I just wanted to add my 2 cents regarding the Anita Blake series. When I first discovered it, I loved the books. The main characters were interesting and complex and but after the first six or so books the series devolved into soft core porn. The mystery element from the first half of the series almost completely disappeared and the Hamilton spent the reminder of the series moving Anita from one poorly-written sexual situation to another. I think the series can be salvaged but Hamilton should take an extended break to think of another interesting scenario for Anita and Jean-Claude besides my ardeur is flaring and I need to have sex with every male and were-animal around me.

#33

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Posted Sep 19, 2008 @ 4:39 PM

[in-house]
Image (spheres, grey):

On the Anne Rice front, I have to admit that my first vampire novel was Queen of the Damned. I had no idea it was a part of a series and I loved it. I was somehow less impressed with Interview and the Vampire Lestat. Then again, I'm really wedded to female antagonists and there are a lot of interesting female characters in Queen. Which means my fave Anne Rice Vampire Chronicle book is actually Pandora, which is about a Roman woman who chafes at the restrictions of her society, eventually gets mercy vamped by the man she's intrigued with, and after centuries of him trying to 'teach' her, she can't take it anymore and leaves him. What I ended up liking most about her is even though she finds herself drawn into relationships with willful, interesting men, she eventually departs from them and goes at the world alone. The Wikipedia has this lovely line: Like many vampires, Pandora is a morose, despairing immortal who initially wanted immortality but soon regretted her choice and turns into a dark, indifferent cynic.

It's like a reverse romantic vampire story. (I know, I'm an odd girl.)